Obama’s Proposal
The president’s proposal, issued this week, is aimed at reducing Medicare and Medicaid spending by $320 billion over 10 years. Here are some of the key ways he proposes to do that:

Much of his proposal builds on the Affordable Care Act’s initiatives to reduce wasteful spending and boost the quality of care.

The plan includes $248 billion in savings from Medicare. Within this total, 90 percent of the savings comes from “reducing overpayments in Medicare.” Likely, this would translate to lower payments for physicians - though it’s unclear just how much.

The plan also calls for reducing certain Medicare special payments including graduate medical education payments to “better align with patient care costs. And it calls for allowing Medicare to benefit from the same rebates that Medicaid receives for brand name and generic drugs.

Any savings that affect beneficiaries do not begin until 2017 and the plan does not propose to change the eligibility age for Medicare benefits.

Starting in 2017, the plan would target financial incentives to encourage new Medicare beneficiaries to use high-value services (to lower healthcare costs).

What about the SGR? On a conference call with reporters, senior White House health officials told NPR their baseline assumes that the Medicare physician cuts will not take effect.


AMA: In Favor
"The American Medical Association commends the president for recognizing that any serious plan to address the deficit must include a repeal of the Medicare sustainable growth rate formula,” President Carmel said in a statement. “Honest accounting of our nation's debt should not assume $300 billion in Medicare physician cuts, which congress has rejected repeatedly because of the significant, detrimental impact those cuts would have on patients’ access to care.”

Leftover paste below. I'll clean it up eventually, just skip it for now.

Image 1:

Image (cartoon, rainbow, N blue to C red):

AAMC: Opposes
“The dramatic cuts to graduate medical education (GME) as proposed in the president's plan would reduce the ability of teaching hospitals and physicians to care for the most vulnerable in our communities,” the organization’s president and CEO Darrell Kirch said in a statement. “AAMC-member teaching hospitals represent six percent of hospitals, yet provide 21 percent of Medicare and 28 percent of Medicaid care.”

AHA: Opposes
“Today’s plan to cut Medicare and Medicaid funding would translate into at least 200,000 job losses to hospitals and the businesses they support by 2021. This is the wrong prescription to create a healthier America and sustain job growth in a sector of the economy that is actually adding jobs,” Richard Umbdenstock, the organization’s president and CEO, said in a statement.

The above proposals and reactions offer some clues as to what’s going to be on the bargaining table in the coming months when it comes to healthcare spending, and therefore physician reimbursements. What’s your reaction?